The reports of the release from prison this week of Oscar Lopez Rivera have elicited elation in the Puerto Rican community over the homecoming of one whom they perceive as a heroic freedom fighter sentenced unjustly. This is in contradistinction to the bitter outrage from the families of victims of the FALN (Fuerzas Armadas de Liberación Nacional — Armed Forces of National Liberation) terrorist organization of which he was a leader.
These conflicting reactions emerged immediately upon the announcement by President Barack Obama of his decision last January to let Rivera go free, cutting short his 70-year sentence by 15 years. The raw emotions have not lessened since then, and are not likely to diminish quickly or easily, especially in light of the fact that Lopez Rivera is slated to be honored in New York’s annual Puerto Rican Day Parade on June 11 with the title of “National Freedom Hero,” and his schedule is reportedly packed with triumphant personal appearances around the country. While some hail it as a great, historic moment for Puerto Ricans, others denounce it as a travesty of justice.
Almost any act of clemency or commutation of sentence of an individual accused of engaging or supporting acts of violence against others will generate conflicting emotions. The mitigating factors which usually make possible a shortened punishment — such as weaknesses in the evidence for conviction, ill health, good behavior in prison, sincere expressions of remorse — however legitimate, are often not sufficient reason in the eyes of the victims for anything less than the punishment meted out through due process.
In the case of Oscar Lopez Rivera such conflicting feelings have been pushed to unusual extremes. President Obama’s decision to commute his sentence itself ignited the controversy:
“I’m disgusted by what the president did. It’s a travesty,” said Joe Connor, whose father was killed in the FALN bombing of Fraunces Tavern, near Wall Street, on Jan. 24, 1975.
“The enemies of our country are being rewarded, and being treated as if they are heroes. What we hear is that Oscar Lopez Rivera did not get to know his family. Well, neither did my father.”
The enthusiasm with which Rivera’s supporters lobbied for his early release and are now celebrating it have compounded the anger and incomprehension of those who opposed it. How, they ask, can they be so blind to the evil acts this man committed?
“He’s not a hero. He’s a bad man and I just can’t imagine that the people who are supporting him have any idea as to what his complete background is,” Diana Berger Ettenson said. “He turned my life and my in-law’s, Alex’s parents, who were Holocaust survivors, totally upside down.” At the time, Diana was expecting their first child.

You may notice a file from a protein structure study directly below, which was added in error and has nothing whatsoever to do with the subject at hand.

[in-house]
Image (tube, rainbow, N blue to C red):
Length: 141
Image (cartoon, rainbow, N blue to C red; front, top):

Lopez Rivera’s supporters point to the fact that he was never directly tied to the Fraunces Tavern attack or any other. They contend that the harsh sentence he received — in effect a sentence to die in prison — was more the result of the Justice Department’s desire to crush the Puerto Rican nationalist movement than to seek justice.
Iris Dipini, treasurer of New York’s Puerto Rican Nationalist Party, called it “a jubilant day for all [of] us. A man that was going to die in prison [is about to be] released. It’s a victory for Puerto Ricans who believe in freedom and anti-colonialism. This could be anyone’s father or grandfather.”
Opponents of the commutation note that “freedom and anti-colonialism” were pursued by FALN with a rampage of terror that included 130 bombings that took four lives and wounded hundreds more during the 1970s and ’80s.
While it is true that Rivera was not convicted of any specific, direct act of violence, it is equally true that as part of FALN’s “Central Command” — a member of the “triumvirate” that masterminded the organization, he bears a terrible responsibility for the mayhem and suffering it caused. As such, he was convicted in 1981 of seditious conspiracy “to overthrow the government of the United States in Puerto Rico by force.” The charge sheet included attempted armed robbery, explosives possession, car theft and weapons violations.
No expression of remorse has ever passed his lips. On the contrary, he has reaffirmed his dedication to terrorism. In a 1986 interview, Lopez declared that the FALN “is a just struggle, and because it’s a just struggle, we have the right to wage it by any means necessary, including armed struggle. … We can anticipate more violence.” There has been no indication since then that Lopez Rivera has changed his mind.
“I went to his parole hearing in 2011,” recalled Connor. “We were looking for some sort of reconciliation, some sort of admission, some sort of atonement. We didn’t get any of that.”
Puerto Ricans have every right to seek their own state, if that is their wish, through peaceful, legal means. On June 11, they will have the opportunity to express their views in a nonbinding referendum on whether they favor statehood, independence or the current status.
They are also entitled to celebrate their heritage and extoll their heroes. This they will do in the parade on the same day in New York.
However, there should also be some recognition that terrorist attacks on innocent civilians are never heroic, and that the feelings of the victims of FALN must be respected. It is not up to the broader public to dictate the terms of Oscar Lopez Rivera’s homecoming, but it is unfortunate that a more modest expression that took the feelings of the aggrieved families into account was not found.